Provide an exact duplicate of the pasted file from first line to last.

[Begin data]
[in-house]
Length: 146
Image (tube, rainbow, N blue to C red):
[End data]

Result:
[in-house]
Length: 146
Image (tube, rainbow, N blue to C red):